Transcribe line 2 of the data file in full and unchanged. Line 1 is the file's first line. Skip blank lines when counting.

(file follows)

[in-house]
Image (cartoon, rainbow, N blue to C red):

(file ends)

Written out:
Image (cartoon, rainbow, N blue to C red):